On November 9, 1898, white supremacists instituted a reign of terror against the Black citizens in Wilmington. A white mob formed under the leadership of Col. Alfred Waddell, the same person who had led the meeting the previous day and was one of the entire conspiracy's ringleaders. Eventually, 2,000 people composed the heavily armed and angry white mob. They immediately marched to the "Love and Charity Hall" and burned the building with the printing press that Manly had written his article on inside.

Soon, gunfights with Black citizens were erupting through the city, and smaller white mobs marched towards the Brooklyn section of the city and killed many Black citizens in volleys of gunfire. As Timothy B. Tyson explains in "The Ghosts of 1898," men were chased from their houses and executed in the streets by roving bands of white supremacists. Much of the mob wanted to completely cleanse the city of all Black citizens, and there were horrific stories of vigilantism against Black residents.

The horrific death toll

Even today, more than a century after the massacre, the total number of casualties is not known or agreed upon. As Timothy B. Tyson points out in "The Ghosts of 1898," estimates on the death toll range from single digits all the way to the hundreds. When they first reported on the massacre, The New York Times put the death toll at only nine bodies, and the ringleader Alfred Waddell put the number at more than double by counting 20. The New York Herald reported 15, and the Richmond Daily Times said 16 (via H. Leon Prather Sr. in "Democracy Betrayed"). 

Apparently, some bodies were buried privately before any official autopsy or record was officially taken. Some reports of the time have white supremacists killing over 100 people. The highest estimates put the death toll at over 300 residents, but the true number will unfortunately never be known.

In their 2006 report on the massacre, the Wilmington Race Riot Commission compiled a more accurate list of deaths associated with it. The commission lists 31 possible deaths, with the identities of many remaining unknown. An early history, written by Harry Hayden, listed far more deaths, but not all of them were able to be substantiated. Much of the destruction was caused by two massive guns the white supremacists had acquired just weeks before the election in anticipation of the massacre.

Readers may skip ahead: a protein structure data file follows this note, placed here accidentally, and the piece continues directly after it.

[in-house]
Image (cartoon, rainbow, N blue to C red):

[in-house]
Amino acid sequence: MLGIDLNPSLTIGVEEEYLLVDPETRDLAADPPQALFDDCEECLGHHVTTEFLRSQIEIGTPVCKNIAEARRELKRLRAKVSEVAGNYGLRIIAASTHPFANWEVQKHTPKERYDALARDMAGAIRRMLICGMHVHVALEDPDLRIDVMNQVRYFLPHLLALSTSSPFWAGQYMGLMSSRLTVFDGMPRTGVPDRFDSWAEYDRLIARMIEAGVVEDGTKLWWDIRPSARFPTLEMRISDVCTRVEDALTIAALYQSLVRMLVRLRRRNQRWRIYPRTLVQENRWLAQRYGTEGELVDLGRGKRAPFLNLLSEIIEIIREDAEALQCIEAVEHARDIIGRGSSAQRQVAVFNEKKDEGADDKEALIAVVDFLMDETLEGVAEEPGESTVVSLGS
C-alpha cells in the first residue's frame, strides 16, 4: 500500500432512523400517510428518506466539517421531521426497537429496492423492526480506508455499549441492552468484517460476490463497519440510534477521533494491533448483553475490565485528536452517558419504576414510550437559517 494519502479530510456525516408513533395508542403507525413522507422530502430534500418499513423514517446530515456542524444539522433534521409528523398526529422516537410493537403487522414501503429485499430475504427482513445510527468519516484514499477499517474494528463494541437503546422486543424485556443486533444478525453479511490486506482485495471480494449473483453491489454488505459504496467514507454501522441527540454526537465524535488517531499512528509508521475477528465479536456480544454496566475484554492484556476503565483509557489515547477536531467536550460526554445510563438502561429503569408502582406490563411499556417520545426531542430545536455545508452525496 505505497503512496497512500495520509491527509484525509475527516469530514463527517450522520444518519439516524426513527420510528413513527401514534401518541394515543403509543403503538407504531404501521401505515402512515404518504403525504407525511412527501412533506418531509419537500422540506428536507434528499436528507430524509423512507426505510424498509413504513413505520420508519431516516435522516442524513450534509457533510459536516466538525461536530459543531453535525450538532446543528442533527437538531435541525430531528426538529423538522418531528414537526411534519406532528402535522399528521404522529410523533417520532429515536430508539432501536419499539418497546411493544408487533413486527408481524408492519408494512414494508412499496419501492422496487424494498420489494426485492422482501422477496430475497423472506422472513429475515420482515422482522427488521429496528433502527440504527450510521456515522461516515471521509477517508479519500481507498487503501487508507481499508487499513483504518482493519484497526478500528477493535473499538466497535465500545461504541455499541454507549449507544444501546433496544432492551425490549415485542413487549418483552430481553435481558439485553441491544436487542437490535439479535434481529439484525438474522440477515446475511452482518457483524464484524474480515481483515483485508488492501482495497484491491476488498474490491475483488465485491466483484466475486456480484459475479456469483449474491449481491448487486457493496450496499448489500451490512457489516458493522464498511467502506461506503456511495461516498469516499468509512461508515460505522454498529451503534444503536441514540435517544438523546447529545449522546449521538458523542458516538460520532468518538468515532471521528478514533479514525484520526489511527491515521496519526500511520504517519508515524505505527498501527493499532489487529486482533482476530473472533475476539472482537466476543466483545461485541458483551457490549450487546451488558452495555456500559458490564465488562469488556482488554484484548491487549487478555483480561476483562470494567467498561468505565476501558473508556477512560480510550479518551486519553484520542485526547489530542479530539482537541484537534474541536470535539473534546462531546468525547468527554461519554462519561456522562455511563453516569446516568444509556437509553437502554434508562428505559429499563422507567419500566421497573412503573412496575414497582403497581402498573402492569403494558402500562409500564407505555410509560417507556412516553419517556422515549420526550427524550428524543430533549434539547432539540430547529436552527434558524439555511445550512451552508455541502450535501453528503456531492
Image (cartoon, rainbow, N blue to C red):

The flight of Black citizens from Wilmington

As white supremacists roamed the streets of Wilmington looking for violence, the entire community was put on edge. Both Black and white citizens immediately fled the downtown area, but they had very different options about where they could turn. As H. Leon Prather Sr. explains in "Democracy Betrayed," while white citizens could stay in the city at armed shelters to escape the violence, the Black citizens had nowhere inside the city where they were safe.

Hunted from all sides, many of them chose to flee to the woods to escape the hysterical and racist mob. Over 500 Black men, women, and children were reported to be in the woods, holding whatever belongings they could carry with them. To add to their misery, the majority of them were also freezing. Even though it was mid-November and temperatures were bitter cold, many of the families had fled in such a rush they did not have time to think about grabbing coats or warm clothes.

Standing in the woods and with many of them too scared to even move, the families were incredibly nervous that the massacre would spill out of the city and over to their encampment. Parents tried to comfort their frightened and crying children, and some of them turned to the Bible for strength and support. Thankfully, the mob did not chase them into the woods, and they were able to avoid them.